Additive & Spectral: Introduction

Fourier Series

According to the Fourier theorem, any periodic signal can be represented by an infinite sum of sinusoids with individual

  • amplitude \(a_i\)
  • frequency \(f_i\)
  • phase \(\varphi_i\)

\(\displaystyle y = \sum\limits_{i=1}^{\infty} a_i \ sin(2 \pi f_i \ t +\varphi_i )\)

When applying this principle to musical sounds, a simplified model can be used to generate basic timbres. All sinusoidal components become integer multiples of a fundamental freuquency \(f_0\), so called harmonics, with a maximum number of partials \(N_{part}\). In a very reduced model, the phases of the partials can be ignored:

\(\displaystyle y (t) = \sum\limits_{n=1}^{N_{part}} a_n(t) \ sin(2 \ \pi \ n \ f_0 (t) \ t)\)

As following sections on spectral modeling show, a more advanved model is needed to synthesize musical sounds which are indistinguishable from the original. This includes the partials' phase, inharmonicities as deviations from exact integer multiples, noise components and transients. However, depending of the number of partials and the driving function for their parameters, this limited formula can generate convincing harmonic sounds.


A Brief History

Early Mechanical

Early use of the Fourier representation, respectively additive synthesis, for modeling musical sounds has been made by Hermann von Helmholtz. He built mechanical devices, based on tuning forks, resonant tubes and electromagnetic excitation for additive synthesis. Von Helmholtz used these devices for investigating various aspects of harmonic sounds, including spectral distribution and relative phases.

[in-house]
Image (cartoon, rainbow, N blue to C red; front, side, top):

/images/Sound_Synthesis/helmholtz_fork.jpg

Tuning forks with resonant tubes (von Helmholtz, 1870, p.183).


Early Analog

The history of Elektronische Musik started with additive synthesis. In his composition Studie II, Karlheinz Stockhausen composed timbres by superimposing sinusoidal components. In that era this was realized through single sine wave oscillators, tuned to the desired frequency and recorded on tape.

Studie II is the attempt to fully compose music on a timbral level in a rigid score. Stockhausen therefor generated tables with frequencies and mixed tones for creating source material. [Fig.1] shows an excerpt from the timeline, which was used to arrange the material. The timbres are recognizable through their vertical position in the upper system, whereas the lower system represents articulation, respectively fades and amplitudes.

/images/Sound_Synthesis/studie4.jpg
[Fig.1] From the score of Studie II.

Early Digital

As mentioned in Introduction II, Max Mathews used additive synthesis to generate the first digitally synthesized pieces of music in the 1950s. In the early 1960s, Mathews had advanced the method to synthesize dynamic timbres, as in Bycicle Built for Two:


  • Hermann von Helmholtz. Die Lehre von den Tonempfindungen als physiologische Grundlage für die Theorie der Musik, 3. umgearbeitete Ausgabe. Braunschweig: Vieweg, 1870.
    [BibTeX▼]


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